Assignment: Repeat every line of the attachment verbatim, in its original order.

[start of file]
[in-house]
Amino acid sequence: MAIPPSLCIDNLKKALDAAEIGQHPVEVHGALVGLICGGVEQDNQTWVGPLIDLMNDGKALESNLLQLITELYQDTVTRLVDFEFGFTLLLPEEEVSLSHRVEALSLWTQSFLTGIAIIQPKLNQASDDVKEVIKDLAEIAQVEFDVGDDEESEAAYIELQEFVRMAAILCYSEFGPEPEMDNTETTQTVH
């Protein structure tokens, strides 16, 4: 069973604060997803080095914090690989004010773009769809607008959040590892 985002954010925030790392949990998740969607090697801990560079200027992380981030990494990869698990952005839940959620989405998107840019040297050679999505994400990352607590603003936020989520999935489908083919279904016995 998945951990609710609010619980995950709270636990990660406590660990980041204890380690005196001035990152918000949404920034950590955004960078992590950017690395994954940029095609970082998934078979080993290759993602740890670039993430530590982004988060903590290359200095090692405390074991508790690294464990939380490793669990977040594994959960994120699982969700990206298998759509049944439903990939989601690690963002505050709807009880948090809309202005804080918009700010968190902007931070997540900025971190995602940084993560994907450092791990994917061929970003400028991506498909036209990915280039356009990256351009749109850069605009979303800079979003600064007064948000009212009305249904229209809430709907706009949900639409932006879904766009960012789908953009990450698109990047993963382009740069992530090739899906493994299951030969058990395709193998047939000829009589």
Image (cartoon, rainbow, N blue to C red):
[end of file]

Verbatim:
[in-house]
Amino acid sequence: MAIPPSLCIDNLKKALDAAEIGQHPVEVHGALVGLICGGVEQDNQTWVGPLIDLMNDGKALESNLLQLITELYQDTVTRLVDFEFGFTLLLPEEEVSLSHRVEALSLWTQSFLTGIAIIQPKLNQASDDVKEVIKDLAEIAQVEFDVGDDEESEAAYIELQEFVRMAAILCYSEFGPEPEMDNTETTQTVH
């Protein structure tokens, strides 16, 4: 069973604060997803080095914090690989004010773009769809607008959040590892 985002954010925030790392949990998740969607090697801990560079200027992380981030990494990869698990952005839940959620989405998107840019040297050679999505994400990352607590603003936020989520999935489908083919279904016995 998945951990609710609010619980995950709270636990990660406590660990980041204890380690005196001035990152918000949404920034950590955004960078992590950017690395994954940029095609970082998934078979080993290759993602740890670039993430530590982004988060903590290359200095090692405390074991508790690294464990939380490793669990977040594994959960994120699982969700990206298998759509049944439903990939989601690690963002505050709807009880948090809309202005804080918009700010968190902007931070997540900025971190995602940084993560994907450092791990994917061929970003400028991506498909036209990915280039356009990256351009749109850069605009979303800079979003600064007064948000009212009305249904229209809430709907706009949900639409932006879904766009960012789908953009990450698109990047993963382009740069992530090739899906493994299951030969058990395709193998047939000829009589």
Image (cartoon, rainbow, N blue to C red):